Roberta Metsola, Alex Agius Saliba storm ahead as Arnold Cassola makes top six

MaltaToday survey: Top 6 MEP candidates ranking | Roberta Metsola 41.3% (PN), Alex Agius Saliba 29.9% (PL), Daniel Attard 4.2% (PL), Peter Agius 3.9% (PN), Arnold Cassola 3.9% (Ind), Steve Ellul 3.6% (PL)

Roberta Metsola remains in pole position with 41.3% of voters who have made up their mind saying they will give her their first preference.

Two days before Malta heads to the polls to elect six MEPs, Labour’s front runner Alex Agius Saliba secures 29.9% of those who have decided who to give their number 1 vote.

The other four front runners in the survey are PL candidate Daniel Attard (4.2%), PN candidate Peter Agius (3.9%), independent candidate Arnold Cassola (3.9%), and Labour candidate Steve Ellul (3.6%).

This ranking is an indication of strength at first count and could change in the actual election when second and subsequent preferences will determine which candidates are ultimately elected.

Moreover, candidates like David Casa, who is poised to win the greater share of Metsola’s second preferences, could gain a foothold as the counting progresses.

A significant number of voters (52.4%) replied that they are still undecided on which candidate to vote for.  Significantly, the survey also shows that current Labour voters are more undecided than PN voters. While 44.3% of PN voters are undecided, the percentage increases to 59.3% among PL voters. 

This means that Agius Saliba has more room to grow in the next days, possibly edging closer to Metsola on polling day as more Labour voters make up their mind.

Metsola and Agius Saliba are also the only two candidates mentioned in the survey whose score is substantially greater than the survey’s margin of error. This means that the results of other candidates are only indicative.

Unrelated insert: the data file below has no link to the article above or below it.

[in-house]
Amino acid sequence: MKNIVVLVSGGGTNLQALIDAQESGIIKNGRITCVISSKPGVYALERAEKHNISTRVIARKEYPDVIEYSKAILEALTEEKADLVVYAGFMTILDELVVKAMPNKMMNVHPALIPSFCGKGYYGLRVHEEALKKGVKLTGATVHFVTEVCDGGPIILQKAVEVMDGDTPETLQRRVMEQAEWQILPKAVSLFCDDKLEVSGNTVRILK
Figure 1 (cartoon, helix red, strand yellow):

The survey can only give an indication on the chances other candidates have of getting elected and much will depend on the inheritance from the two leading candidates as well as from candidates who are eliminated in the long and complicated process of vote transfers.

MaltaToday also asked respondents voting for Metsola and Agius Saliba to state for which candidate they intend giving their second preference.

Casa inheriting most votes from Metsola

An analysis of the result shows that David Casa, who was only mentioned by 2.1% of respondents as their first choice, is poised to inherit 43% of Metsola’s vote while Peter Agius who was mentioned by 3.9%% of respondents as their first choice, is poised to inherit 11.9% of Metsola’s vote. Former PN deputy leader David Agius is also poised to inherit 7.2% of Metsola’s vote.

This makes David Casa and Peter Agius clear favourites to accompany Metsola in Brussels if the party wins three seats. Casa has an advantage over Agius if the party only elects two seats.

The survey suggests that the elections will also see a degree of cross party voting among Metsola voters, 4.9% of which will give their second preference to Arnold Cassola. 

Daniel Attard inheriting most votes from Agius Saliba

The survey also suggests that Daniel Attard is emerging as the second strongest Labour candidate with 4.2% of first preferences and a substantial 26.5% of second preferences inherited from Agius Saliba.

But the survey indicates that there will be a very tight race for Labour’s third and potential fourth seat. While Steve Ellul (3.6%) and Thomas Bajada (3.2%) have an advantage over Clint Azzopardi Flores (1.4%) in the first preference vote, the latter could inherit a slightly higher share of second preferences from Agius Saliba (14.7%) compared to 13.3% for Thomas Bajada and 12.6% for Steve Ellul.

This suggests that Labour’s third and potential fourth seat are up for grabs.

Cassola leads third party vote

With nearly 4% of decided voters Arnold Cassola is the clear front runner among independent and small party candidates followed by far rightist Norman Lowell (1.9%), former Gzira mayor Conrad Borg Manche (1.3%) and ADPD leader Sandra Gauci (0.6%).

But a substantial 51.9% of third party and independent voters are still undecided on which candidate they will be voting for on election day. This means that third party and independent candidates, could get a significantly higher number of votes than that registered in the survey.